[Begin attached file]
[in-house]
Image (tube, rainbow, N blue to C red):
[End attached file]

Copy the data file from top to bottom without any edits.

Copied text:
[in-house]
Image (tube, rainbow, N blue to C red):